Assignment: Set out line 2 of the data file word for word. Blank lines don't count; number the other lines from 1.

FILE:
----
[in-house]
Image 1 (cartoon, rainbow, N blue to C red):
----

Image 1 (cartoon, rainbow, N blue to C red):